As some readers know, I recently lost one of my seven pairs of socks to the ravages of time and athletic activity. I have opted to forego buying a replacement as I feel that I can, in theory at least, survive on only six pairs of socks. Some readers helpfully suggested that I darn the pair with a hole, and I have given very serious consideration to doing so. Ultimately, I decided to simply toss the old socks into the trash and not attempt to darn them, but I do feel that at least some sort of explanation is in order for my seemingly wasteful decision.
First, the area around the hole was very threadbare, like a spiderweb. I think if I sewed, the whole thing would just bunch up and be uncomfortably irritating.
But the second, and larger, issue is that I have had some bad experiences with activities that are similar (in at least certain respects) to sock darning. Years ago, I frequented a particular bar in lower Manhattan called "The Liquor Store Bar". The Liquor Store got its name because it used to be a liquor store, and "Liquor Store" was what the neon sign said. Now it is a J Crew boutique.
The bartender at the Liquor Store was a 6 foot 5, red faced Irishman named Shamus (which I assume I am spelling incorrectly). We got along well enough, but Shamus could be prickly after he'd had a few drinks, and the rumor was that he could deliver a perfidious right hook. I was happy to not test that rumor.
I needed to quit smoking, and my brilliant idea was to take up knitting. It would give me something to do with my hands, and make a nice clicky clicky sound with the needles. I started with a scarf as my first project, and it was slow going. Slow going enough, in fact, that I figured the best way to pass the time would be to chase the scarf down with a pint or two, so off I went to the Liquor Store, knitting in hand. It was smokey and loud as ever, I sat at the bar, ordered my drink, and then took out the knitting and went at it. Clicky clicky clicky... sip.... clicky clicky clicky... sip.
The hush that fell across the room was both immediate and palpable. Nobody said a word until Shamus, in his booming voice, asked "Oooot the foooook air eew doooon?"
In a little timid voice, I squeaked "uh.... knitting?"
Shamus started to shake his head as he rumbled the word "nooooo" (which sounded like "newwwwww"). Being a bit of a talker, my first impulse was to explain to Shamus that traditionally, it just so happens that Irish sailors all knew how to knit sweaters, and that it's actually a pretty manly, Irish sort of thing for a dude to knit. But I quickly reasoned that explaining Irish culture to a full blooded, six foot five Irish boxer who'd probably already guzzled more than a few beers already... maybe not so smart. So, I just stashed the knitting sheepishly under the bar, and quietly finished my drink. After that, I largely confined my knitting hobby to private evenings when I was at home.
Interestingly, though, some time later, I developed a super fab fashion concept. I decided to knit a bra out of cashmere yarn. I even developed a can't fail advertising pitch for the product: cashmere bras, entirely hand knit by Wall Street tax lawyers! Now, let me just say, every single woman I knew at the time was wildly enthusiastic about this idea and very anxious for me to knit one and market it on the upscale lingerie circuit. I did knit one, but sadly, the finished product looked like the entrails of a dead sock monkey that had been run over by a car. In the rain.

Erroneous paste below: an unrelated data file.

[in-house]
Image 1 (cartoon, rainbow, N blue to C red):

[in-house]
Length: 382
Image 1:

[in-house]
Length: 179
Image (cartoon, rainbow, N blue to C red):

Underwhelming as the cashmere hand knit lawyer bra was, I just ended up carrying it around with me in my briefcase so I could show it off as a prototype. And yes, eventually I brought it into the Liquor Store Bar. There, despite my best efforts to keep it concealed under the table farthest away from the bar where Shamus was lumbering around, the muppet intestine lingerie item was spied from across the room by Shamus. I suspect the real reason why he came over to the table was because he was attracted to my two female friends who were sitting with me - they are why I brought the cashmere bra that was entirely hand knit by Wall Street tax lawyers into the bar in the first place. They loved it and were very vocal about how cool they thought it was. Interestingly enough, Shamus quickly became very supportive of the cashmere bra concept. Sorry for the pun. Anyhow, I'm sure you can appreciate how mixing a skimpy, hand knit cashmere bra with a burly, somewhat drunk Irish bartender with calloused knuckles and a distaste for knitting could have potentially had the same effect as mixing equal portions of matter and antimatter. To say that I dodged a bullet is the understatement of the decade. So, rather than tempt fate, I concluded my knitting career more or less on the spot.
Learning to do more with less is a fine financial strategy, but sometimes, history stands in the way of that 7th pair of socks that you think you probably don't even need.